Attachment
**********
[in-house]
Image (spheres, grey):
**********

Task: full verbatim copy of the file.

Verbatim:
[in-house]
Image (spheres, grey):